ZERO/ONE DECISION PROBLEMS WITH MULTIPLE RESOURCE CONSTRAINTS: ALGORITHMS AND APPLICATIONS.
KeywordsResource allocation -- Decision making -- Mathematical models.
Algorithms -- Decision making.
Airports -- Management -- Mathematical models.
Public television -- Management -- Mathematical models.
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PublisherThe University of Arizona.
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AbstractTwo complex resource allocation problems motivate the algorithms and applications discussed in this dissertation. The Public Broadcasting Service (PBS), a cooperative of television stations with independent budgets, must decide which programs to purchase from various producers and at what cost to its member stations. The airports of America must decide how to allocate limited takeoff and landing slots to competing airlines. Both problems are recognized as zero/one decision problems with multiple resource constraints. A computer aided allocation mechanism is proposed as an alternative to the currently practiced decision procedures. Bid information, solicited in an auction phase, provides values to parameterize a mathematical model. An optimization phase is then used to generate the best solution for the given information. The integer programming algorithms required to solve the particular models suggested are explored in detail. A best bound enumeration strategy which uses a surrogate knapsack relaxation is developd. Computer storage requirements are curtailed by using a new greedy heuristic for general integer programming problems. The PBS model has a structure closely related to certain fixed charge problems. This allows the use of necessary conditions for the existence of a solution of capacitated transportation problems to test the feasibility of candidate solution vectors. In the SLOT model feasibility testing is a trivial matter of maintaining running row sums. The bound provided by the knapsack relaxation is further enhanced with the addition of a set of generalized choice constraints. An efficient polynomial algorithm and proof of optimality are given for the linear relaxation of this problem. A procedure for generating a set of generalized choice constraints from any set of logical constraints is also given. The viability of the approach developed and the effects of parameter variation are computationally tested in both PBS and SLOT contexts. Some further computational results for project selection, set covering, and multiple knapsack problems are reported. A broad class of mixed integer linear programming problems is defined (e.g., capital expenditure and network design problems) and a suitable relaxation for a similar approach is developed. Finally, several new directions for research in algorithmic development and application are proposed.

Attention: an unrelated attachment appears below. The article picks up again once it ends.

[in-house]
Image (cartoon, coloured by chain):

Degree ProgramSystems and Industrial Engineering